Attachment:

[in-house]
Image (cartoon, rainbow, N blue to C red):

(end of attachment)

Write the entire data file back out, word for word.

[in-house]
Image (cartoon, rainbow, N blue to C red):